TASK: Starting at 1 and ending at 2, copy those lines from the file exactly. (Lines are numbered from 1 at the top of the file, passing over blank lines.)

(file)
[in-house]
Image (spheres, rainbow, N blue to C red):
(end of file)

[in-house]
Image (spheres, rainbow, N blue to C red):